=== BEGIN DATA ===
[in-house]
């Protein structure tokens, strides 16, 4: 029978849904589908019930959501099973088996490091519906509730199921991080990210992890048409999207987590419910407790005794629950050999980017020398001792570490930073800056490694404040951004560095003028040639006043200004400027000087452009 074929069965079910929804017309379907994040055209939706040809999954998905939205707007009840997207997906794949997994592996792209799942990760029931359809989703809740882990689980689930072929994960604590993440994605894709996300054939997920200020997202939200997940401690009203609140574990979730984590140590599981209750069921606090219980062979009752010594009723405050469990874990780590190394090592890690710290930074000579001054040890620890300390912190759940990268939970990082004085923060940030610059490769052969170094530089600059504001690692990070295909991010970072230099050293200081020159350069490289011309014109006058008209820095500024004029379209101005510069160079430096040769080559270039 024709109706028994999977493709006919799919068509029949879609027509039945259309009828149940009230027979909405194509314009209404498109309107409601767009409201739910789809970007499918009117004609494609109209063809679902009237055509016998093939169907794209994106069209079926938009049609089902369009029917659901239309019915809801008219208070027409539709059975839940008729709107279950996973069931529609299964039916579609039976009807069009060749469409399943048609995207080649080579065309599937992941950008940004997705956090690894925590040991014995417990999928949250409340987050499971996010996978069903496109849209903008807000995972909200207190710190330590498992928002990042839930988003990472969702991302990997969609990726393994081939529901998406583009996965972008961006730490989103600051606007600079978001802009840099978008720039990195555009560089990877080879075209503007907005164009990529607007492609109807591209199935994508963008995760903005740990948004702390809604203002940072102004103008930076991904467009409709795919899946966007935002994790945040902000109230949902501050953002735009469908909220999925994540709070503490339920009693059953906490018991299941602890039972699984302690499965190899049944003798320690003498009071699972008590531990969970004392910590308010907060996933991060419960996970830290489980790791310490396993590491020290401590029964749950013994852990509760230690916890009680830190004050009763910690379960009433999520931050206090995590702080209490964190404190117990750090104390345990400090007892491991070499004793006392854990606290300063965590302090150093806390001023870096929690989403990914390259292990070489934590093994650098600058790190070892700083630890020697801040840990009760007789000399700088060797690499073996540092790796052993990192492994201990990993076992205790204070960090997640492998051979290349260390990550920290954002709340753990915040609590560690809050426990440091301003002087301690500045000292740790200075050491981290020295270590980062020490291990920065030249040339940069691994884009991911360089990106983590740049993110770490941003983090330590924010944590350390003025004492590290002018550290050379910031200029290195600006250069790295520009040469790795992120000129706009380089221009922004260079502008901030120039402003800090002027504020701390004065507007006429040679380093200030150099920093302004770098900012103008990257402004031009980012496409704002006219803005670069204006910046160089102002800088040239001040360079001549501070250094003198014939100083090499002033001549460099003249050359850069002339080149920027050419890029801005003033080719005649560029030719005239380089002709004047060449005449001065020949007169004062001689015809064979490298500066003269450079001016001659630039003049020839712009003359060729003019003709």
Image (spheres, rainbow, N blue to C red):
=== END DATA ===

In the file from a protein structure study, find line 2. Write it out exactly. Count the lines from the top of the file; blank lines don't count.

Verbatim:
């Protein structure tokens, strides 16, 4: 029978849904589908019930959501099973088996490091519906509730199921991080990210992890048409999207987590419910407790005794629950050999980017020398001792570490930073800056490694404040951004560095003028040639006043200004400027000087452009 074929069965079910929804017309379907994040055209939706040809999954998905939205707007009840997207997906794949997994592996792209799942990760029931359809989703809740882990689980689930072929994960604590993440994605894709996300054939997920200020997202939200997940401690009203609140574990979730984590140590599981209750069921606090219980062979009752010594009723405050469990874990780590190394090592890690710290930074000579001054040890620890300390912190759940990268939970990082004085923060940030610059490769052969170094530089600059504001690692990070295909991010970072230099050293200081020159350069490289011309014109006058008209820095500024004029379209101005510069160079430096040769080559270039 024709109706028994999977493709006919799919068509029949879609027509039945259309009828149940009230027979909405194509314009209404498109309107409601767009409201739910789809970007499918009117004609494609109209063809679902009237055509016998093939169907794209994106069209079926938009049609089902369009029917659901239309019915809801008219208070027409539709059975839940008729709107279950996973069931529609299964039916579609039976009807069009060749469409399943048609995207080649080579065309599937992941950008940004997705956090690894925590040991014995417990999928949250409340987050499971996010996978069903496109849209903008807000995972909200207190710190330590498992928002990042839930988003990472969702991302990997969609990726393994081939529901998406583009996965972008961006730490989103600051606007600079978001802009840099978008720039990195555009560089990877080879075209503007907005164009990529607007492609109807591209199935994508963008995760903005740990948004702390809604203002940072102004103008930076991904467009409709795919899946966007935002994790945040902000109230949902501050953002735009469908909220999925994540709070503490339920009693059953906490018991299941602890039972699984302690499965190899049944003798320690003498009071699972008590531990969970004392910590308010907060996933991060419960996970830290489980790791310490396993590491020290401590029964749950013994852990509760230690916890009680830190004050009763910690379960009433999520931050206090995590702080209490964190404190117990750090104390345990400090007892491991070499004793006392854990606290300063965590302090150093806390001023870096929690989403990914390259292990070489934590093994650098600058790190070892700083630890020697801040840990009760007789000399700088060797690499073996540092790796052993990192492994201990990993076992205790204070960090997640492998051979290349260390990550920290954002709340753990915040609590560690809050426990440091301003002087301690500045000292740790200075050491981290020295270590980062020490291990920065030249040339940069691994884009991911360089990106983590740049993110770490941003983090330590924010944590350390003025004492590290002018550290050379910031200029290195600006250069790295520009040469790795992120000129706009380089221009922004260079502008901030120039402003800090002027504020701390004065507007006429040679380093200030150099920093302004770098900012103008990257402004031009980012496409704002006219803005670069204006910046160089102002800088040239001040360079001549501070250094003198014939100083090499002033001549460099003249050359850069002339080149920027050419890029801005003033080719005649560029030719005239380089002709004047060449005449001065020949007169004062001689015809064979490298500066003269450079001016001659630039003049020839712009003359060729003019003709």